SELECTED CASE LAW
In 2013 ABPC 116, Mr. M pled guilty to 39 criminal charges against 21 victims. Charges included multiple counts of internet luring, extortion, child pornography offences, fraud and unauthorized use of computer with intent to commit mischief in relation to data. While committing his offences over roughly five years, M worked as a security guard.
M used Facebook and Nexopia to contact children and request nude photographs and sexual performances on webcam. He also communicated with children—the majority of whom were boys and girls between the ages of 11 and 16—using MSN Messenger and through text messages. If his victims refused to send him nude photographs, M would use information he had learned about the children in past conversations to hack into their email and social media accounts (for example, by asking questions related to common password reset security questions such as pet names and birthdays). On more than one occasion, M impersonated his child victims in order to solicit nude photographs from their friends. In other instances, after hijacking his victims’ online accounts, he told children they could only regain access to their accounts if they sent him nude photographs. When one child sent M photos of her in her underwear, he threatened to distribute the photos unless she sent him a fully nude photograph. M also distributed photos of a naked boy on Tinypic.com.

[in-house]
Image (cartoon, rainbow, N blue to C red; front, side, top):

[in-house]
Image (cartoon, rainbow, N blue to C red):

At sentencing, the Court noted that M’s actions were deliberate, persistent, and aggressive. The offences were also sexually motivated, and the Court found that they were “calculated to intimidate, manipulate and psychologically and socially harm the vulnerable child and youthful victims.” The only mitigating factors on sentencing were the facts that M pled guilty to all charges and had cooperated with police.
The Court considered some of M’s conduct “cyberbullying,” and cited AB v Bragg Communications 2012 SCC 46 to describe the harm that cyberbullying can do to children. The Court noted that “[M’s] use of the internet, to commit his numerous sexually based criminal offences involving children and young adults, have elements of disturbing online sexual harassment – an adult criminally cyberbullying and cyberstalking, calculated to randomly choose youthful victims to emotionally harass, threaten, intimidate and manipulate in furtherance of his criminal objectives.” M was sentenced to 11-years imprisonment, along with several ancillary orders including prohibitions on possession of firearms and attending places where persons under 16 are present, an order to provide a DNA sample, and an order to comply with the Sexual Offender Information Registry Act.